When I think about online communities that revolve around Atheism there are few places that I can really think of faster than Reddit’s own /r/atheism. I posted recently about a rage comic, that you may or may not agree with, saying that now wasn’t the time to be posting such things as it is poor for marketing. I implicated /r/Atheism as being a raging shitfest, and I felt that I should at least justify my statements with reasoning. The thing isn’t that /r/Atheism is a bad atheist community as it just so happens to be a Firebrand Atheist community.
I know folks like Greta Christina have talked about the issues that occurred within the LGBT community some time ago between the “firebrand” and “pacifist” and how it can go about dividing a community. The real issue boils down to “who likes conflict” vs. “who doesn’t like conflict”, a problem that has plagued humanity since the dawn of civilization. There will always be those who are willing to leap out there, spear in hand, and charge the enemy to let them know that “No, this is not your land, and No, you may not have the fruit in my trees.” There will also always be those that think to themselves “I can make a small profit by simply requesting he buy that fruit at a reasonable price.”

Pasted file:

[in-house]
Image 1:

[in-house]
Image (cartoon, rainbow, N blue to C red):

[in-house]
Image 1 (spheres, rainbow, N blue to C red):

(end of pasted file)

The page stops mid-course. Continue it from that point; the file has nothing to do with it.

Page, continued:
Both of these methods will have times and places where they are more functional than the other, and it’s really up to the situation to decide which is the best. You can have a lot of thing that allow for both approaches to occur simultaneously, the disassembly of religion happens to be one of them. The thing is that neither approach will be functional in dismantling all religious components from the equation, you have to understand that there is more to religion than simply attacking it or making compromises with it.